Scottish planning framework to focus on addressing climate change

Out-Law News | 30 Nov 2020 | 2:38 pm | 2 min. read

The Scottish government has set out its four desired outcomes for its fourth National Planning Framework (NPF4), with an overarching goal of addressing climate change at the centre of the strategy.

The government’s position statement for NPF4 sets out outcomes for what Scotland “could and should look like” by 2050, with the main outcomes of the framework being net zero emissions, resilient communities, a wellbeing economy, and “better, greener places”.

NPF4 will embed principles including the United Nations Sustainable Development Goals and Scotland’s national outcomes within the NPF4. The framework is expected to be laid before the Scottish parliament in autumn next year, with further consultation before then on the final content.

The government said in the position statement (45 page / 851KB PDF) that it could not afford to compromise on climate change, and “some significant choices” would have to be made to meet targets such as net zero emissions by 2045.

Planning expert Gary McGovern of Pinsent Masons, the law firm behind Out-Law, said the outline of the direction of travel for NPF4 sketched out by the position statement was welcome.

“There is a lot to digest but it is clear that NPF4 will seek to ensure that planning plays a positive role in facilitating a green recovery and will be key to addressing climate change. There is also recognition that it entails a cross-cutting and consistent approach so that climate change objectives are embedded and integral to the planning system’s approach and response to all types of development,” McGovern said.

The position statement sets out opportunities to achieve climate change targets including building “20 minute neighbourhoods” with local infrastructure close to homes; a stronger preference for reusing existing buildings before new development occurs; supporting renewable energy developments; and expecting low and zero carbon design and energy efficiency.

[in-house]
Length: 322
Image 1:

Energy law expert Emma Reid of Pinsent Masons said: “The statement rightly places the need to address climate change at the top of the priority list for NPF4, acknowledging that difficult choices will need to be made if we are to meet our climate change targets.

“The expectation is that NPF4 will confirm that the global climate emergency should be a material consideration in determining applications for appropriately located renewable energy developments - that would be a very welcome policy change and not before time,” Reid said.

“The difficult decisions will need to be made in the coming months. One thing that remains to be seen is whether the policy balance will tip in favour of onshore renewables and against historic focus on local landscape designations,” Reid said.

Transport law expert James Gibson of Pinsent Masons said the statement emphasised the need to transition to lower carbon transport technologies if Scotland is to achieve its climate change objectives.

“Drawing on similar themes to the National Transport Strategy published by the Scottish government earlier this year, the statement also identifies the unique role of transport infrastructure provision in driving future development and investment across all sectors towards sustainable locations,” Gibson said.

“Plans for an ‘infrastructure first’ approach and more joined up thinking around how priority transport infrastructure is embedded into the appraisal and assessment of development proposals must be welcomed. However, this will need to be supported by tangible public sector investment in both the provision of new infrastructure and upgrading of existing assets if the outcomes identified in the position statement are to be realised,” Gibson said.

The government said it welcomed comments on the position statement by 19 February 2021 ahead of a full consultation later next year, although it said there was no need for stakeholders to restate points previously made through the ‘Call for Ideas’ stage of the policy-making process.

“It’s a shame we won’t see the fully fleshed out NPF policy until autumn 2021. Even allowing for the pandemic, that is a long delay at a time when we need to move with pace and purpose,” McGovern said.